The maintenance of a normal pregnancy requires significant and sustained plasma volume expansion. In normotensive pregnant rats, the process is achieved by significant attenuation of pressure natriuresis and diuresis. Relaxin is a peptide hormone that has been traditionally associated with pregnancy in mammals. Increasing evidence suggests that relaxin plays a role in the systemic hemodynamic changes of pregnancy, including the generalized vasodilation. Relaxin reduces fibrosis in the kidney, heart, and lung and significantly decreases the total collagen content in non-pregnant female Sprague-Dawley (SD) rats. Also, nitric oxide (NO), which is a vasodilator, is increased during normal pregnancy. Based on these established effects of relaxin and NO, it is reasonable to suggest that relaxin, NO, as well as other factors that are increased or activated during pregnancy may play an important role in the increase in renal interstitial compliance (∆ in renal interstitial volume/∆ in renal interstitial hydrostatic pressure) and renal sodium handling during pregnancy.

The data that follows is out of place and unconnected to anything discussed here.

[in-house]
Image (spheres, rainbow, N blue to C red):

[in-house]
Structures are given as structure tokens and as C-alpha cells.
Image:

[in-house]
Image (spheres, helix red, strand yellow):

Therefore, we propose to investigate the role of relaxin on affecting various transporters in Human Renal Proximal Tubule Epithelial Cells (RPTEC). The possible interaction between relaxin and NO on these transporters will be determined in RPTEC.
The objective of this project is to determine the specific effects of relaxin and NO on the activity of proximal tubule transporters Na+-K+-ATPase and sodium hydrogen exchanger-3 (NHE-3) in RPTEC.